Thank you very much. Signal if I'm going too fast at any point.
Our LGBTQI2S communities are appreciative of the interest shown us by the federal government in a whole range of ways, reaching right up to the Prime Minister.
In my time this afternoon, I intend to make four points. First, I will articulate our general perspective or approach. Second, I will express Egale Canada's agreement with the submission by Gentile, Hooper, Kinsman, and Maynard, whom you'll be hearing from, it turns out, after me.
I want to call for legislative change in two respects. The first is the failure in Bill C-75 to address the problem of surgeries on intersex children, and the second is a problem with the otherwise welcome efforts to undo past discrimination against our communities.
Let me start, briefly, with the overall perspective.
At Egale Canada, we come at these issues from a general approach attuned to LGBTQI2S equality, dignity and inclusion. Fundamentally, we are keenly conscious of the long history of the criminal law's sexual and moral offences being applied against our communities discriminatorily, discretionarily and disproportionately. We would emphasize intersectionality, conscious that members of our community experience overlapping disadvantage by virtue of being queer people with disabilities, for example, or being racialized or indigenous transpeople. I would emphasize the symbolic significance of the criminal law on matters touching our communities.
The Victorian prohibitions relating to sodomy, bawdy houses, indecency—you name it—have consequences beyond their enforcement and convictions obtained. The mere threat of their enforcement can operate powerfully, and it operates more powerfully against those most vulnerable people who might not get good legal advice or have any idea how to respond.
Second, very briefly, I wanted to signal that we fully endorse the report from Kinsman et al., whom you're about to hear from. We support their calls for Bill C-75 to go further than it does, in a number of ways. We affirm their call for adopting clear, evidence-based guidelines on the use of criminal law in prosecuting cases of HIV non-disclosure.
Let me turn now to the two legislative changes that it is possible nobody else will raise with you.
The first concerns intersex children. Subsection 268(1) of the Criminal Code sets out the crime of aggravated assault, and subsection 268(3) addresses excision. It specifies that “wounds” or “maims” includes cutting a person's “labia majora, labia minora or clitoris”, but then it provides an exception, where surgery is performed “for the purpose of that person having normal reproductive functions or normal sexual appearance or function”. The alternative basis for the exemption from aggravated assault's application is when a person is at least 18 years of age.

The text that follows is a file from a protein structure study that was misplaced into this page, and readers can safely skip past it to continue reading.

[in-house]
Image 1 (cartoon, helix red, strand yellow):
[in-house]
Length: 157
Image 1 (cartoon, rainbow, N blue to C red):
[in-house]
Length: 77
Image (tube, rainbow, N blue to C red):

In other words, paragraph 268(3)(a) deflects the protections of the criminal law from children on whom surgery is inflicted for the purpose of giving them a “normal sexual appearance or function”. The idea of a “normal sexual appearance or function” is a vehicle for cisnormative assumptions about which bodies are medically correct or normal.
I can't undertake a full charter analysis this afternoon, but subsection 268(3) raises concerns about security of the person and equality. Moreover, international human rights bodies have recognized that so-called corrective surgery of children whose genitals are characterized as abnormal violates their personal autonomy and integrity. We urge you to amend Bill C-75 to modify subsection 268(3).
The final point concerns legislation with a view to ending historical discrimination.
First, proposed section 156 preserves the possibility of prosecution for wrongful conduct where the offences, once in place, have been repealed, so long as the conduct remains criminal today.
Second, paragraph 25(c) of Bill C-66 provides for applications for expungement orders for convictions in respect of listed same-sex offences on certain conditions, including that the persons participating in the activity were 16 years of age or older at the time.
Both provisions aim to end the harmful effects of criminalizing same-sex conduct in a discriminatory way, while preserving the power to punish conduct that remains plainly criminal by today's standards. But both are problematic. Efforts to assure equal treatment must not rely, as these do, on the current age of consent of 16. Instead, it is necessary to take into account the fact that, while the age of consent for sodomy was for a time 21, and then 18, the age of consent for different-sex sex was 14 until the year 2008.
Proposed section 156 would still allow the prosecution for consensual sodomy committed with a 14- or 15-year-old, because today, someone that age cannot consent to sex except with a person close in age to them. The expungement provision, for its part, would not permit the expungement of a sodomy conviction for consensual sodomy carried out with a 14- or 15-year-old. Whatever the good intentions, these provisions unintentionally perpetuate discrimination against our communities, insofar as there is no basis for prosecuting a heterosexual who had consensual vaginal intercourse with a 14- or 15-year-old while the age of consent was 14.
Accordingly, Justice Canada's charter statement is incorrect when it states that “the enactment of proposed section 156 would limit any such prosecutions to those that do not raise Charter concerns.”
Thanks for your attention.